To the right, Thomas is belting the lyrics to the catchy choruses passionately into the mic. Behind the swinging guitars and flying sweat, sits Steele, calmly but loudly bashing in harmony with the storm of noise, the Welsh flag draped over the bass drum.

The ever so humble Jones pours his heart out as his almost tearful expression shows it, grateful for the lively response of his hometown, shaking the hands of everyone in his sight. But there’s no time for being sentimental. Jones quickly returns to the mic and screams ‘Tom Hardy’ into the sea people packed into the small venue, once again sending bodies crashing into a frenzy. When he brought out the acoustic guitar, the crowd knew that the band’s latest release, ‘The One Who Loves You’ was coming up, everyone singing along with Thomas’ backing vocals in the choruses - but nobody was expecting the very festive rendition of ‘Merry Christmas Everybody’.

 
 

As the band draw near to the end of the set, they also cover the fitting ‘Friday I’m In Love’ by The Cure, which had the whole place singing. As a cloud of smoke fills the stage, lights strobing through the mist, it is clearly time for their last tune, ‘Storm Heaven’. The chaos of the song sends Jones crowdsurfing, and he perfects the solo when he lands back onstage, bending the strings with his teeth. He pumps his hand into the air as the show comes to an end, screaming triumphantly. The evening finishes with the popular spoken track ‘Pound Land’ (because it would be rude not to) and the crowd recite back every single word. Trampolene disappear backstage, having proved again to be one of Wales’ finest up and coming bands.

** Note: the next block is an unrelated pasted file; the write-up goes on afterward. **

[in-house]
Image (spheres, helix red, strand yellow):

Uppa Swans.

Support came from The Sandinistas, Zepher & Pastel

 
 

Words: Billy Stillman / Photos (Colour): Billy Stillman / Photos (B&W): Jacob Winter